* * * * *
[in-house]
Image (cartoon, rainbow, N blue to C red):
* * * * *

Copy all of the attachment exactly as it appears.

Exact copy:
[in-house]
Image (cartoon, rainbow, N blue to C red):